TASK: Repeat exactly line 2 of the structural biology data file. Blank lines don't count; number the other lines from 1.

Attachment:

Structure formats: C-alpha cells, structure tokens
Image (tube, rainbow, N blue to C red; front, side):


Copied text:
Image (tube, rainbow, N blue to C red; front, side):